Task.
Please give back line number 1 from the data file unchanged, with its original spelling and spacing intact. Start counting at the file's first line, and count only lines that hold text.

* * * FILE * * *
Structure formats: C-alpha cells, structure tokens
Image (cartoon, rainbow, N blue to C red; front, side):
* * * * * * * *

Structure formats: C-alpha cells, structure tokens